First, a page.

Photo Courtesy: Thomson Reuters Foundation news

EV-taxis at a growing advantage with zero fuel cost and high income

With a target to procure 300 Electric Vehicles (EVs) in the country before the end of project in September, the government is yet to procure 130 EVs while they have already procured 170 EVs.

The project was started in September 2018. The pandemic has impacted the project in many ways.

The government is optimistic that by the end of September this year the cars will be in the country. As per the report, electric vehicles are apparently on the way. EVs are procured from India, South Korea, China, and Japan.

The current vehicle import restriction allows electric and fossil taxis due for replacement to be replaced.

With just 39 charging stations in seven dzongkhags, there is a serious issue of shortage of charging stations. Of the 39 charging stations, 20 are Direct Current (DC) rapid chargers and 19 are Alternating Current (AC) slow chargers.

The EV drivers opt for DC over AC given less time consumption. And the great thing about EVs is that an individual can charge their cars at home also.

Although the electricity consumption is very low, which comes around Nu 90 per day to charge full, the government is footing the bill to stimulate EV adoption.

In addition, even though the government was providing 20 percent direct financial subsidies and tax exemptions when the initiative first began, individuals were not excited.  It was learnt that the initial cost of an EV is substantial, but it is steadily declining.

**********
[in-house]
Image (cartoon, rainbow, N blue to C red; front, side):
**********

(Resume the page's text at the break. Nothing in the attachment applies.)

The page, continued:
The Executive Director of Taxi Association, Tshering Penjor, said that lack of charging station is the biggest challenge at the moment because of the increase in number of EVs in the country.

He said, “However, we are happy that government has a plan to install new charging stations. We are assuming that this challenge is temporary. Once we have enough charging station, it will not only address the issue, but will boost the business amongst the EV drivers.”

The EV taxis are doing well for now. With minimum expenditure, some of the EV taxis charge less than that of fossil-fuel taxis.

They are at advantage as they do not have to worry about the fuel price and the demand over the EV taxis among the passengers is on the rise. There is competition between the two taxis, he said, adding that if the fuel price keeps increasing the fossil fuel taxis will have tough time competing against the EV taxis.

“We are service providers and we abide by the rules that is implemented by the Road and Safety Transport Authority (RSTA). We do not increase the fare as and when we want, and thereby, we do not have different rates for the two types of taxis,” he added.

However, if the EV taxis are charging less than the set amount to benefit the passengers then they definitely have no rights to tell them to increase the fare to the original rate. The rate should not exceed but they can charge less.